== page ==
By Frank Martin
Caribbean authorities consider effective the region reaction against Covid-19 pandemic.
Nevertheless they think that in next reopening stage tourism business will be very complex.
Caribbean governments and private companies expect the economic impact of the pandemic on tourism to last much longer, after the opening, than the epidemic.
Jamaica’s Minister of Tourism Edmund Bartlett said in an analysis that collective successes in decisive leadership, rapid action and effective communication in the Caribbean will have to be combined.
Before region recorded its first case of the new coronavirus, the Caribbean Public Health Agency reacted adequately by defining the risk as moderate to high.
Bartlett wrote that 10,230 samples have been taken in Jamaica so far, of which 9,637 were negative and 552 were positive.
The pandemic is expected to cause a contraction of the tourism sector from 20% to 30% in 2020.
According to the Economic Commission for Latin America and the Caribbean (ECLAC) May report
the risks and shocks associated with the prolonged recession in international tourism are likely to be disproportionately greater in the Caribbean.
Such forecast is based on the fact that the region is the most dependent on tourism in the world.
For the Caribbean states, tourism represents between 11 and 19 percent of direct production gross domestic product (GDP).
In countries such as the Bahamas, Barbados and Jamaica, the proportion rises from 34 to 48 percent of total GDP.
There are many concrete examples of the drop in income caused by the global pandemic.
Since March, there has been little or no tourist activity in most Caribbean countries, ECLAC stressed in its report.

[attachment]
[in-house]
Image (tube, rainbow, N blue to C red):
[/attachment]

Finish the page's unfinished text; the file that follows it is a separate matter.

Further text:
The borders were closed completely for both passenger air transport and cruise ships.
Most hotels have received no guests since March, and their staff has been sent home indefinitely.
Most destinations have been forced to revise the original year-end revenue projections for 2020 based on the high rate of flight cancellations and early bookings.
The Commission stressed in its report that the most immediate impact of the consequences is on employment.
In the case of Jamaica, the leisure industry directly employs 160,000 people.
Authorities in the region believe that there are severe threats to the industry that will not end when the epidemic ends.
“This means that the economy and future are much more likely to be destroyed by COVID-19 than nations with more diversified economies,” according to ECLAC.
Today, regional airports and hotels are closed, unemployment across the region is skyrocketing, and no one knows when these jobs in the tourism sector can return.
Bartlett stressed that the most urgent priority is to ensure the health and livelihoods of tourism workers and prepare the sector for reopening in the shortest possible time.
He added that in Jamaica the economic stimulus has been used to help companies access benefits.
Partnerships with financial institutions have also been encouraged to relax loan agreements and improve access to credit, identify alternative supply chains, and promote digital marketing and human resource development.
“We have made available two billion dollars in grant assistance for tourism and small businesses affected by the Covid-19 outbreak,” said the minister.
Among the points of interest presented in Jamaica is a five-point plan for the recovery of the tourism sector that includes the development of solid health and safety protocols.
Also greater training for all segments of the tourism sector, construction of security infrastructure and acquisition of PPE and hygiene tools.
(Sources in TurboNews and Cepal)